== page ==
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	A Cilly Columbian.
  24.  Thursday.  The weather clearing up a
little.  In going down town I met Ripley, with
a great roll of bills in his hand, probably his
pay, for there had been talk of his quitting
Charleston for Pensacola (though he did not
do so) and a paragraph to that effect in the
Courier.   At the office of that paper I found
Carlyle and a young fellow named Cill who
had previously attracted my attention by his hal-
loing to W. Waud over the hotel dinner table,
and inquiring if he had bloomed (in other words
got drunk) on the previous night.     Waud said
Cill needed but the addition of a letter to his
name to express his character.    In truth he
was a fool, of Columbian birth and had
overnight squandered or been robbed of his
money, which he had come to Carlyle about.  We
got rid of him at the corner of Meeting and
Broad Streets, looked in at Dodge s, find-
ing not its amiable proprietor but a deputy
there who told us that W. D had gone to the
north  on business  and that he would pos-
sibly return.     Talking with Carlyle, he defend-
ed Dodge, saying that the latter had showed him
a letter from the N.Y. Times, soliciting Dodge
to write for it, which Dodge declined or demur-
Page
Title:Thomas Butler Gunn Diaries, Volume Fifteen: page ninety-eight
Description:Regarding Gunn's Charleston acquaintance named Cill.
Date:1861-01-24
Subject:Carlyle; Cill; Dodge, W.E.; Gunn, Thomas Butler; New York times.; Ripley, R.S.; Waud, William
Coverage (City/State):Charleston, [South Carolina]; Pensacola, [Florida]; Columbia, [South Carolina]
Coverage (Street):Broad Street; Meeting Street
Scan Date:2010-05-11

 

Volume
Title:Thomas Butler Gunn Diaries, Volume Fifteen
Description:Describes Gunn's experience as a correspondent for ""The New York Evening Post"" in Charleston, South Carolina, in the aftermath of South Carolina's secession from the federal government, including a conflict between A.H. Colt and Mr. Woodward, a visit to Sullivan's Island, John Mitchel's tale of assisting with the lynching of an abolitionist, attending a celebration in honor of Benjamin Mordecai, Will Waud's arrival in Charleston, the scene in Charleston the day the ''Star of the West'' was fired upon by the Morris Island battery, pistol and rifle practice with various Charlestonians, a rumor in New York about his having been tarred and feathered in Charleston, a visit to the quarters of the ''Richland Rifles,'' witnessing a slave auction, and a visit to Colonel Bull's home.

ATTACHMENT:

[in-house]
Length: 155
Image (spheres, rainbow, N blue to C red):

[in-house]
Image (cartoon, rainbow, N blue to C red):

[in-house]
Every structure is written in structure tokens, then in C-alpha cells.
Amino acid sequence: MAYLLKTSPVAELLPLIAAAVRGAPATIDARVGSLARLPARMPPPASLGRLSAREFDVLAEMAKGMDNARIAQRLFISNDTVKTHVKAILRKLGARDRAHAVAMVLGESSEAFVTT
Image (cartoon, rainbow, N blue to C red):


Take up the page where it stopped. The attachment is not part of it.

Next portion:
Subject:Boardinghouses; Books and reading; Civil War; Gunn, Thomas Butler; Journalism; Military; Publishers and publishing; Secession; Slavery; Slaves; Travel
Coverage (City/State):New York, New York; Charleston, South Carolina
Note:Thomas Butler Gunn was born February 15, 1826, in Banbury, England, and came to New York in 1849. During the Civil War he worked as a correspondent for the New York Tribune and the New York Evening Post. He returned to England in 1863, and died in Birmingham in April 1903. The collection includes twenty-one volumes of his diaries, including newspaper clippings, letters, photographs, sketches, and various other items inserted by Gunn. Diary entries date from July 7, 1849, to April 7, 1863, and include his experiences with the New York publishing and literary world, his descriptions of boarding houses, his travels throughout the United States, and his experiences traveling with the Federal army as a Civil War correspondent.
Publisher:Missouri History Museum
Rights:Copyright 2010 Missouri History Museum.
Source:Page images, transcriptions, and metadata of the Thomas Butler Gunn diaries have been provided by the Missouri History Museum.